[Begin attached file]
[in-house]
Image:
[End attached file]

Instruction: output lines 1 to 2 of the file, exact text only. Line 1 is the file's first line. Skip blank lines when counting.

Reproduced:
[in-house]
Image: